Finally, I spent a bit of time looking at visualisation options for this. I immediately thought of the Power View play axis that’s on scatter charts, but sadly I didn’t have enough luck coming up with an effective visualisation very quickly. I had felt like Hans Rosling with his scatter chart about birth rates, and used LAG and MAX() OVER() to come up with a speed of row production compared to the total, but I kept getting the “representative sample” message, which wasn’t conducive. I’m sure it won’t be long before this visualisation would be easy, and for the purposes of analysis, I was more interested in exploring the data rather than making it look pretty.

    Strobe photography is very impressive. I just never thought it would apply to T-SQL queries.


  • Live Query Statistics in SQL 2014, not just SQL 2016

    One of the coolest things in SQL Server 2016 is Live Query Statistics (LQS). But did you know that it’s available in SQL 2014? (Edit: Needs SP1)

    The thing is that we haven’t been able to view it effectively before now, before SQL Server Management Studio 2016 became available.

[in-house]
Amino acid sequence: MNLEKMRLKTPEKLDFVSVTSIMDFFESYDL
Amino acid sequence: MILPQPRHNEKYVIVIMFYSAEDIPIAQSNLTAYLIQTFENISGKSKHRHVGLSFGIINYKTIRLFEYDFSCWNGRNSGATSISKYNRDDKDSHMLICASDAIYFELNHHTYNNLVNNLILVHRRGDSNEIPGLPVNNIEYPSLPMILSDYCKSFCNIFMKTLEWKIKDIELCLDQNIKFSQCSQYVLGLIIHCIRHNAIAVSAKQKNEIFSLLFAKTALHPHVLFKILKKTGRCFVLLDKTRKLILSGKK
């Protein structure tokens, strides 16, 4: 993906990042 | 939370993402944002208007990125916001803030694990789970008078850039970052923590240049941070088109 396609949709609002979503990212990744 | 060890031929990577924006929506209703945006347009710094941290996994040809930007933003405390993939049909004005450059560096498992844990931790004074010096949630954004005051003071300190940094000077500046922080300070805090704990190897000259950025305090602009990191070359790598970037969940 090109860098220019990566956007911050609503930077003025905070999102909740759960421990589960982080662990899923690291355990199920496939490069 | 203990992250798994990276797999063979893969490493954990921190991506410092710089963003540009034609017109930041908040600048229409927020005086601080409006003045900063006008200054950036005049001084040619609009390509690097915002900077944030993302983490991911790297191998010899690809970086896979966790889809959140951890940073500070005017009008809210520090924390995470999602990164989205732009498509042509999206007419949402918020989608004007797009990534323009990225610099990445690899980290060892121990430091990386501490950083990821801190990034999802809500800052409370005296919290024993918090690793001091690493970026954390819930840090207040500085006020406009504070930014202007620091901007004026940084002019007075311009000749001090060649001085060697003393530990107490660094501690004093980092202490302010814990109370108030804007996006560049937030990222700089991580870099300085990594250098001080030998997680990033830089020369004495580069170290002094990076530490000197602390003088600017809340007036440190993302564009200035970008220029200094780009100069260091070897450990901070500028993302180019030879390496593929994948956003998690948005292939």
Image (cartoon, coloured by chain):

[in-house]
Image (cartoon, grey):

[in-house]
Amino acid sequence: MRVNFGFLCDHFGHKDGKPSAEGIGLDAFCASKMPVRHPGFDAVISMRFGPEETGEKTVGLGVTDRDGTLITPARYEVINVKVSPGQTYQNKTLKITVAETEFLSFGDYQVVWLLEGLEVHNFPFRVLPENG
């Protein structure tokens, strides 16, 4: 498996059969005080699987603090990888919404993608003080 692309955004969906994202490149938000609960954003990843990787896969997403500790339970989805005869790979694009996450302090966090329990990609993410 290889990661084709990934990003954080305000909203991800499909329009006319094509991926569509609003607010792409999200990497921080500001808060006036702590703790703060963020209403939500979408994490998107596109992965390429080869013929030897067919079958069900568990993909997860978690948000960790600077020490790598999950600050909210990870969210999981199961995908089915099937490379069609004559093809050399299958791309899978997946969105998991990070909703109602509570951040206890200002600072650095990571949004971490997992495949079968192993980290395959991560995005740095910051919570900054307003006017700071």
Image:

LQS provides the ability to watch an execution plan while the query is still running.


    In this image above, you can see that I have a fairly long-running query, and I’ve taken a screen shot while the query is running. I can tell it’s still running because of the dotted lines. At this point, the Hash Match has asked the Index Scan for all the rows it’s going to, and the Index Scan has been marked as 100% done. The Hash Match is now asking the Merge Join for rows. The Merge Join is pulling data out of the Sort, which has already pulled in the rows it needed, and so on.

    It’s cool stuff.

    And significantly, this is against SQL Server 2014 (SP1). I had to use SSMS 2016, but then the button appeared at the top to include Live Query Statistics...